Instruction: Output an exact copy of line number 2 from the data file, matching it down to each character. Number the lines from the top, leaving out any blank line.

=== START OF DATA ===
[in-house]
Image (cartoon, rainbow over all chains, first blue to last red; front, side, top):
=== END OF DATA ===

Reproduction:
Image (cartoon, rainbow over all chains, first blue to last red; front, side, top):